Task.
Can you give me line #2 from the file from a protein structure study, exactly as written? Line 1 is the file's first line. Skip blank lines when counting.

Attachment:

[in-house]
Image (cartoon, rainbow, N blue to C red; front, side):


Image (cartoon, rainbow, N blue to C red; front, side):